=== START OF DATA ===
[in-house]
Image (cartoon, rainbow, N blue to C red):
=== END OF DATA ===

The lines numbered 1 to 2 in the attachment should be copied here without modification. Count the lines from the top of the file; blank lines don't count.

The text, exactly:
[in-house]
Image (cartoon, rainbow, N blue to C red):